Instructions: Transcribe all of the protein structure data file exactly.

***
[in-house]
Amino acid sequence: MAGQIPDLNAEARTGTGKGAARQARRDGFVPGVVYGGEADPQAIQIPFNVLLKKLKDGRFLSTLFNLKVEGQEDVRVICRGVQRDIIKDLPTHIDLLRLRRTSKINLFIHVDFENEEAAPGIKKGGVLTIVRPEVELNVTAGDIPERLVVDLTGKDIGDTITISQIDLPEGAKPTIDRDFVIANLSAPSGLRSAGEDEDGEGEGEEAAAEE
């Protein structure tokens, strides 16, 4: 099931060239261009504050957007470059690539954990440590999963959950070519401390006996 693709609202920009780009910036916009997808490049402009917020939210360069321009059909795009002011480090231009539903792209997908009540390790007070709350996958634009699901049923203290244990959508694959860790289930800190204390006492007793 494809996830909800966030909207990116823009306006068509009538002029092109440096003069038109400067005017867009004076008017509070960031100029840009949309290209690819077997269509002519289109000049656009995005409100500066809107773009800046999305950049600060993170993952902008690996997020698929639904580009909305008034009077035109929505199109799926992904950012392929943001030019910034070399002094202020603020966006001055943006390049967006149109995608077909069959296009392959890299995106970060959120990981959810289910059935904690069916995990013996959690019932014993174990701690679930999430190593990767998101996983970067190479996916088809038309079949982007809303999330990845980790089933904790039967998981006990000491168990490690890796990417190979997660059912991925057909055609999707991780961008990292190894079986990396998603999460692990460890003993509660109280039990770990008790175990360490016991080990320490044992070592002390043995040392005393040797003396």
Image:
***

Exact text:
[in-house]
Amino acid sequence: MAGQIPDLNAEARTGTGKGAARQARRDGFVPGVVYGGEADPQAIQIPFNVLLKKLKDGRFLSTLFNLKVEGQEDVRVICRGVQRDIIKDLPTHIDLLRLRRTSKINLFIHVDFENEEAAPGIKKGGVLTIVRPEVELNVTAGDIPERLVVDLTGKDIGDTITISQIDLPEGAKPTIDRDFVIANLSAPSGLRSAGEDEDGEGEGEEAAAEE
């Protein structure tokens, strides 16, 4: 099931060239261009504050957007470059690539954990440590999963959950070519401390006996 693709609202920009780009910036916009997808490049402009917020939210360069321009059909795009002011480090231009539903792209997908009540390790007070709350996958634009699901049923203290244990959508694959860790289930800190204390006492007793 494809996830909800966030909207990116823009306006068509009538002029092109440096003069038109400067005017867009004076008017509070960031100029840009949309290209690819077997269509002519289109000049656009995005409100500066809107773009800046999305950049600060993170993952902008690996997020698929639904580009909305008034009077035109929505199109799926992904950012392929943001030019910034070399002094202020603020966006001055943006390049967006149109995608077909069959296009392959890299995106970060959120990981959810289910059935904690069916995990013996959690019932014993174990701690679930999430190593990767998101996983970067190479996916088809038309079949982007809303999330990845980790089933904790039967998981006990000491168990490690890796990417190979997660059912991925057909055609999707991780961008990292190894079986990396998603999460692990460890003993509660109280039990770990008790175990360490016991080990320490044992070592002390043995040392005393040797003396």
Image: